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Q & A – Kim Jisub, South Korea’s trail speed machine

Kim Jisub is a South Korean trail runner from Wonju. He is winner and course record holder for VMM 42km 2017. He is now a member of the North Face Korea Athletes  team and has won all of the The North Face 100 Asia Series in which he has participated. He has also completed the Tor Des Geants (330km) twice. Kim Jisub ran his first full marathon at 17 years of age.

In this Q and A you can learn about his sporting background, how he trained to smash the VMM record and his plans to come back for a shot at VMM 70 and 100 records in future.


1. What is your sporting background? What got you started in trail running?

I’m an amateur athlete and have never been trained or supported as a professional runner but was served in the special forces of the Korean army for 4years. The training in the special forces was very demanding and harsh such as running or walking with the really heavy backpack in the long distances of the mountains. I did it countless times. As the result, it helped me a lot to be a competitive trail runner.

2. What made you decide to come to Vietnam to run VMM?

I heard of VMM then was more interested in not only VMM but Sapa after watching TV program introducing Sapa and Vietnam. Then there was the news that the Korean group was organized for VMM, and I jumped in. I usually take the races in overseas alone. VMM was exception.

3. What is a typical week of training for you now in the pre-season?

A lot of snow in the winter of my hometown, and the freezing weather prevents snow melted until the spring comes. it’s the unfavorable condition against trail running. I spend most of the pre-season in running the roads and treks.

4. What is your favourite training session?

I love uphill-training and sometimes repeating run up and down the peaks of the mountains.

5. Your pace at VMM was very fast. Do you do lots of interval work to build your speed? If not, how do you do it?

The interval training is essential to achieve a good record. I do it usually once in a week but twice in a week if necessary.

6. How do you taper for the last week pre-race?

The more you train, the more you eat. But the amount of training and meal is getting reduced from 10 days before the competition, and the regular hard training is replaced by mild jogging.

7. What is your nutrition in a race? What is your nutrition strategy (when do you eat, how much)?

2~3 hours before competition I have well-digested food such as banana or Korean rice cake. Vietnam rice noodle should be nice too. 30minutes before the race electrolyte-tablet and energy-gel mixed with water is also helpful. (2pieces of energy-gel and 1piece of electrolyte-table are mixed in 500ml of water bottle. The point is to have leisurely sips instead of drinking.) In the early part of racing absorbing the energy-gel hourly is desirable, but over the course the intervals of absorbing should be reduced. It should every hour at the early stage then every 40 to 50minutes later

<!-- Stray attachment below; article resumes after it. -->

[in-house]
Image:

8. Your pace at VMM was extremely fast and you broke the record. How did you pace your effort – on feel alone or do you use heart rate or other techniques?

I could have crossed the finish line earlier, but I got lost in the middle of the way, leading to delay. When returning to the path another runner took the lead from me, and I was the second ranked. Before long I took the lead back but failed to control the pace because of nervousness. I am sure that I can finish the race earlier if given another chance. I have no specialized technique other than never walking or taking breaks throughout the competition.

9. What was the hardest part of VMM?

It was too hot and humid

10. What was the best part?

Everything was great. The trail offered a unique opportunity I’ve never experienced before I had many overseas competitions though. Top-level management of the competition was very impressive. Furthermore, it was the fantastic experience to run off the beaten corners of beautiful and natural Sapa where locals lives. Above all, the contribution of VMM for Sapa including that part of entry fee is contributed to the local communities is very meaningful to me.

11. We hear you are thinking of coming back for the 70km – is this true and what time will you target if you come… another record breaking performance?

I hope my record for 42km will continue to lead to my new ones for 70km, 100km in VMM. Please look forward. Soon I will be back there.